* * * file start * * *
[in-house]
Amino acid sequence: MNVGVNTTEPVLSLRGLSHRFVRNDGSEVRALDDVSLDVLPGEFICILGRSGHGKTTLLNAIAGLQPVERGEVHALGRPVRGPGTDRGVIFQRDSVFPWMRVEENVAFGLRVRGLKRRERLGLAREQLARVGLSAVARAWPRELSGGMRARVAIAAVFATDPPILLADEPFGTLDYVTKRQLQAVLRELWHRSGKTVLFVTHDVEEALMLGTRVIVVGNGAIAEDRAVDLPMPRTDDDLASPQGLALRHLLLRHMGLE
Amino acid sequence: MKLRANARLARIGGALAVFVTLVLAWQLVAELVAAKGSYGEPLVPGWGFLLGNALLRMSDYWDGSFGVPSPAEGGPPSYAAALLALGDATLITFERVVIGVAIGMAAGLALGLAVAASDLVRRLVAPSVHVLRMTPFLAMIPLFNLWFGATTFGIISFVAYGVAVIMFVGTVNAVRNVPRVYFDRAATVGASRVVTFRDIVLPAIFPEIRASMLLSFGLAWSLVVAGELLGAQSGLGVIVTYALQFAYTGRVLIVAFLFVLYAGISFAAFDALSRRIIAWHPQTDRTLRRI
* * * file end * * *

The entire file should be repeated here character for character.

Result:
[in-house]
Amino acid sequence: MNVGVNTTEPVLSLRGLSHRFVRNDGSEVRALDDVSLDVLPGEFICILGRSGHGKTTLLNAIAGLQPVERGEVHALGRPVRGPGTDRGVIFQRDSVFPWMRVEENVAFGLRVRGLKRRERLGLAREQLARVGLSAVARAWPRELSGGMRARVAIAAVFATDPPILLADEPFGTLDYVTKRQLQAVLRELWHRSGKTVLFVTHDVEEALMLGTRVIVVGNGAIAEDRAVDLPMPRTDDDLASPQGLALRHLLLRHMGLE
Amino acid sequence: MKLRANARLARIGGALAVFVTLVLAWQLVAELVAAKGSYGEPLVPGWGFLLGNALLRMSDYWDGSFGVPSPAEGGPPSYAAALLALGDATLITFERVVIGVAIGMAAGLALGLAVAASDLVRRLVAPSVHVLRMTPFLAMIPLFNLWFGATTFGIISFVAYGVAVIMFVGTVNAVRNVPRVYFDRAATVGASRVVTFRDIVLPAIFPEIRASMLLSFGLAWSLVVAGELLGAQSGLGVIVTYALQFAYTGRVLIVAFLFVLYAGISFAAFDALSRRIIAWHPQTDRTLRRI